With our South African diversity, it is not surprising that we have several major annual events, where people gather and celebrate, in the same spirit. Events such as Reed Dance, Macufe Festival, and AfrikaBurn, in addition to the various events hosted by religious groups, over Easter and December, for example, draw in large crowds. While jubilation and contentment are always ostensible, one harsh reality that cannot be ignored is the many lives that are lost in the process, while others severely injured in car accidents en route.
Often, the victims are unaware of what legal remedies are in place and those who do not know where to go or if their claims are valid.
Usually, when such accidents occur, the government would intervene, providing medical assistance or funeral costs. Occasionally, the government even promises to assist with counselling. However, this seldom materialises.
Given the limited knowledge and unfortunate position the families find themselves in, they appreciate such assistance and believe that is the end of the road. However, legally, there are further remedies in place which they should not hesitate to seek. Firstly, the institution from which the victim can claim is determined by the circumstances surrounding the incident and, importantly, how exactly the incident occurred. Typically, a claim will be against either the Road Accident Fund (RAF), relevant Municipality, transportation company, or insurer, and so on. Sometimes, the relevant Member of the Executive Council (MEC) of Health, or even a natural person may be drawn in. This is not, however, a closed list, as the prevailing circumstances will determine who to claim from. It must be noted, the law in South Africa stipulates a “once and for all” rule, which means you can only lay a one for one incident. For example, you may not claim from the RAF and receive compensation and then move on and place a claim against the transportation company, etc.
One can claim for a number of reasons and factors which are considered accordingly. These include instances where a victim passes away as a result of the incident, their family may claim for loss of support; funeral expenses; medical expenses, where applicable; emotional shock and trauma, and so on.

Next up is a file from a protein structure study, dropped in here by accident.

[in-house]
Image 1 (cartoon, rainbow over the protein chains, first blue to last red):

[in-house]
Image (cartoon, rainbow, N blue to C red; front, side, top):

In the case of the victim surviving, there are also a number of claims one may consider, including, claiming for past and future medical expenses; loss of earnings/earning capacity; general damages; emotional shock and trauma; constitutional damages, and so forth.
The amount of compensation a victim is entitled to is influenced by several factors, including, inter alia, one’s level of education; age; academic performance and/or achievements; career path; pre-existing conditions; disability pay-outs, where relevant; severity of the injuries sustained; ,effect on their physical appearance, and more.
At times, you find victims involved in the same incident wondering why their compensation, with regards to its nature and the amount, differ, and some even suspect foul play by their legal representatives. In very rare circumstances will the compensation be the same because each claim is determined on its own merits. The difference is rooted deep in the underlying purpose of the compensation, which is to try as far as possible to restore the victim to his/her original position. The purpose of compensation is, contrary to general perception, not to enrich the victim/victim’s family.
The events’ importance and value need not be gainsaid. As such, they, together with the stakeholders, need to be protected. They are important for the economy, tourism industry, cultural, and religious reasons. The fear, however, of such major accidents serves as a “pushing factor”, to the detriment of the economy, tourism and so on.
For example, following one of the major Reed Dance car accident in 2013, most parents decided against sending their girls to the event due to fear. These events are indispensable and the government; organisers; relevant organisations need to intensify their efforts in minimising such accidents. Where, however, the unfortunate transpires, victims need to be wary of the legal remedies available. Even if they get medical, funeral and counselling assistance, it does not end there, they are entitled to claim for compensation, the nature and amount of which will depend on the prevailing circumstances of each case.